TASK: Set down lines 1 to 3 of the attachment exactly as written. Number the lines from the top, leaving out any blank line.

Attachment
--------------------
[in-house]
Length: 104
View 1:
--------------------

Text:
[in-house]
Length: 104
View 1: